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Ekta Kapoor: I'm very insecure as a person

Last updated on: July 31, 2012 16:08 IST

Ekta Kapoor: I'm very insecure as a person

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Ankur Pathak in Mumbai

Ekta Kapoor is a sensation.

Behind the face that refuses to give away much, there hides a clever businesswoman who has dominated television programming and has trodden the path less travelled in film production.

One moment she is the critics' darling, the next she's placing them on her film banners, mocking their negative reviews. 

On TV she's the brand ambassador of some rather regressive Indian traditions. On the big screen, she is delightfully blasphemous. She doesn't want to be straight-jacketed or predictable, she says.

Her sex comedy, Kyaa Super Kool Hain Hum, starring brother Tusshar, has opened to a great box office response.

In a candid chat, Ekta opens up to Ankur Pathak on the method behind the madness.
 
What is the essential idea behind the kind of films that Balaji Motion Pictures produces?

It's my instinct. You cannot predict how well a film will do.

Some scripts will sail through with a couple of big names, and then there are others that will gather eye-balls just on the basis of the script. Your experience is what drives that instinct.

My creative team filters the scripts before they reach me and a few others. We evaluate them, ponder over the budget and think of various possibilities to get the viewer excited.

Then we think that, okay, we have the bandwidth or the sensibility to take this film forward.


Image: Movie poster of Kya Super Kool Hain Hum. Inset: Ekta Kapoor


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'The return on Kyaa Kool Hain Hum was fabulous'

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Why did it take so much time to produce the sequel Kyaa Super Kool Hain Hum when the first one had worked so well at the box office?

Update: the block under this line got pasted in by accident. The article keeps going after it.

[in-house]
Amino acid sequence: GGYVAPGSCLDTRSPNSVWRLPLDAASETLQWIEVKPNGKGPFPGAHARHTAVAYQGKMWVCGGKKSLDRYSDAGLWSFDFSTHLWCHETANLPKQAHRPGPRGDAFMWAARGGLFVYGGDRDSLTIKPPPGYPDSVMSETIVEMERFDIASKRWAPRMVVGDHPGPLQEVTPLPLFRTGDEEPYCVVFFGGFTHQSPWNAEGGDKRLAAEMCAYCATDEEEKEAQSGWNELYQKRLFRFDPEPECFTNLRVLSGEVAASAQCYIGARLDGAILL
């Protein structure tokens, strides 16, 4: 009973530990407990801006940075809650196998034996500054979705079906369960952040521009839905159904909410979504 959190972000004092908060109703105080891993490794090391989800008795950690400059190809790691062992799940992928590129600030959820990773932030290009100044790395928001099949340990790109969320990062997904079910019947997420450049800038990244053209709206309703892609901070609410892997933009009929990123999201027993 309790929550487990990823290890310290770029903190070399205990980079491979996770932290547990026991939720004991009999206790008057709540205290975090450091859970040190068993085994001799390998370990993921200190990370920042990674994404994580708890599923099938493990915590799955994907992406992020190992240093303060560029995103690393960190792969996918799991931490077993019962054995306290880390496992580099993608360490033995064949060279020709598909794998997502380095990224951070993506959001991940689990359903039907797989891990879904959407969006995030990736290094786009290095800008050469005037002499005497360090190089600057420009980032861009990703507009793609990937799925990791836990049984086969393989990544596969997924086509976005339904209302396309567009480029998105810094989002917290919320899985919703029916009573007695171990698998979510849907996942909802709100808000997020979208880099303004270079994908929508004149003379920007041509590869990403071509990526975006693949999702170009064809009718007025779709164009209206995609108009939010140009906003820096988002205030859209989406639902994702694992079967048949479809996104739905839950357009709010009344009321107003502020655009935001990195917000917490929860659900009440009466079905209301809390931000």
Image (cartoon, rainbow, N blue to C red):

The first film was a sleeper hit back then. For an investment of Rs 4.5 crore, the return was fabulous. The film made Rs 30-35 crore.

I have implemented the same funda of the old part which is a plain sex comedy. I think people want to see the same thing so why not give it to them?

It took so much time because of my personal journey. I was caught up in television and had never made films. After Shootout At Lokhandwala and a couple of other films, we took a break and started outsourcing our projects. Then, when we decided to enter the market again with full power, we came back and re-branded ourselves.

Was that the time when you created ALT Entertainment, churning out films like LSD, Shor In The City and Ragini?

Yes, exactly. That was our strategy to re-enter in a different avatar.

Why trash the critics in the film's teasers? Does that mean Balaji holds grudges against unflattering reviews?

I'm not really trashing them; in fact, I am giving them the dignity of finding a place on our banner.

I am plainly stating what they said then. And then saying, guess what, the shameless duo is back! Even though YOU trashed us back then, that hasn't de-motivated us in any way!

Even this time we are going to put only one star rating on our banners, more than that we cannot handle! (Laughs)


Image: A scene from Kyaa Kool Hain Hum


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'Critics were taking me too seriously after I made Dirty Picture and Shor'

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What continues to mystify is how you produce drastically different films, when on television you churn out those over-hyped melodramas?

In films, I do programming I can never do in television. I have fun. Both mediums are content-led, but they are so diverse in their psychology that they cannot have a meeting point.

You watch television at home with your family. We all have two personas. We celebrate festivals with our families but have fun on the side with our friends. At home, you are restricted in every sense.

Movies are when you walk out of the house, choose to see what you want to see and pay for it as well. Sometimes you want to watch a sex comedy, a date-movie or a Kill Bill. This may not always be possible at home because you are confined. Movies give that release.